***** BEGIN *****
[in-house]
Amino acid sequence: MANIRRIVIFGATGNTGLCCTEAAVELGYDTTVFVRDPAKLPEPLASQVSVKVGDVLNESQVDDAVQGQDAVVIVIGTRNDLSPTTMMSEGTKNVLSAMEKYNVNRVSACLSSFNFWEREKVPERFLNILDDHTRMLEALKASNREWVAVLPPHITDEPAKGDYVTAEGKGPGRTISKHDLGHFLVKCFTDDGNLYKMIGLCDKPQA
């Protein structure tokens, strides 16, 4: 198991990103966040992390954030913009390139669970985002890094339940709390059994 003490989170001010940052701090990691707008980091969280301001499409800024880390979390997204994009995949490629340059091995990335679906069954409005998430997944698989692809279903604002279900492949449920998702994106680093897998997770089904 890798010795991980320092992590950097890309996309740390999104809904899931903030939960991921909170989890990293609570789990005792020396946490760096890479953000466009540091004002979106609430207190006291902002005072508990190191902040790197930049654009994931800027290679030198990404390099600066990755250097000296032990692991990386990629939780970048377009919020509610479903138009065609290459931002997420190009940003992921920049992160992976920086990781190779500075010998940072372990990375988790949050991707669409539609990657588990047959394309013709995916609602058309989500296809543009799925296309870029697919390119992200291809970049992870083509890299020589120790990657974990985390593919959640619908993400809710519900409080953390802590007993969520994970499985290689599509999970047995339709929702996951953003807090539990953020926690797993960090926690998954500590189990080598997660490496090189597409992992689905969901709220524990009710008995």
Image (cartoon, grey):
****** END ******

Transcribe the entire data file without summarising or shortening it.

[in-house]
Amino acid sequence: MANIRRIVIFGATGNTGLCCTEAAVELGYDTTVFVRDPAKLPEPLASQVSVKVGDVLNESQVDDAVQGQDAVVIVIGTRNDLSPTTMMSEGTKNVLSAMEKYNVNRVSACLSSFNFWEREKVPERFLNILDDHTRMLEALKASNREWVAVLPPHITDEPAKGDYVTAEGKGPGRTISKHDLGHFLVKCFTDDGNLYKMIGLCDKPQA
């Protein structure tokens, strides 16, 4: 198991990103966040992390954030913009390139669970985002890094339940709390059994 003490989170001010940052701090990691707008980091969280301001499409800024880390979390997204994009995949490629340059091995990335679906069954409005998430997944698989692809279903604002279900492949449920998702994106680093897998997770089904 890798010795991980320092992590950097890309996309740390999104809904899931903030939960991921909170989890990293609570789990005792020396946490760096890479953000466009540091004002979106609430207190006291902002005072508990190191902040790197930049654009994931800027290679030198990404390099600066990755250097000296032990692991990386990629939780970048377009919020509610479903138009065609290459931002997420190009940003992921920049992160992976920086990781190779500075010998940072372990990375988790949050991707669409539609990657588990047959394309013709995916609602058309989500296809543009799925296309870029697919390119992200291809970049992870083509890299020589120790990657974990985390593919959640619908993400809710519900409080953390802590007993969520994970499985290689599509999970047995339709929702996951953003807090539990953020926690797993960090926690998954500590189990080598997660490496090189597409992992689905969901709220524990009710008995």
Image (cartoon, grey):